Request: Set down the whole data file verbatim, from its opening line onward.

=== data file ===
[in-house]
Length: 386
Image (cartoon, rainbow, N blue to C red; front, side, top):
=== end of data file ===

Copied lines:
[in-house]
Length: 386
Image (cartoon, rainbow, N blue to C red; front, side, top):